In the Penal Colony
by Franz Kafka
In the Penal Colony Justice and Judgment Quotes
How we cite our quotes: Citations follow this format: (Paragraph). We used Willa and Edwin Muir's translation.
No," said the explorer, wiping his forehead, "then he can't know whether his defense was effective?" "He has had no chance of putting up a defense," said the officer. (12)
Apparently, in the penal colony the accused has no chance to defend himself. How can that be felt to be just? Isn't the point of justice to determine whether someone is guilty and, if so, to punish that person to the extent he/she deserves? Doesn't that mean it's important to first figure out whether the person is guilty? This is the first indication that justice in the penal colony doesn't quite operate the way you might think. The officer appears to think it doesn't matter whether anyone is guilty or innocent.
[The officer:] "My guiding principle is this: Guilt is never to be doubted. Other courts cannot follow that principle, for they consist of several opinions and have higher courts to scrutinize them. That is not the case here, or at least, it was not the case in the former commandant's time." (13)
Well, this is telling. The officer believes guilt is never to be doubted. OK, so that's why the guilty/innocent question doesn't trouble him. But what does it mean that guilt is never to be doubted? Is that just because he expects the worst of people, and would tend to trust their accusers much more than themselves? (One could imagine that going horribly wrong.) Or does he believe that somehow everyone is guilty all the time, so guilt never has to be established. That's kind of how original sin works in the Christian religion – everyone is guilty, insofar as they're human beings. But of what would the officer think that they're guilty?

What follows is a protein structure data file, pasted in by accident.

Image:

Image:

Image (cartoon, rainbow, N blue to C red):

The explorer considered the Harrow with a frown. The explanation of the judicial procedure had not satisfied him. He had to remind himself that this was in any case a penal colony where extraordinary measures were needed and that military discipline must be enforced to the last. He also felt that some hope might be set on the new Commandant, who was apparently of a mind to bring in, although gradually, a new kind of procedure which the officer's narrow mind was incapable of understanding. (14)
The explorer finds the justice system of the colony disagreeable. It's a bit odd how weak his reaction is, given that he's already learned that in the colony people are put to death without a trial or any chance of defense. He seems to be trying to justify the practice to himself by admitting that this is a penal colony, which might need to take extreme measures. But would that affect whether or not the procedure is just?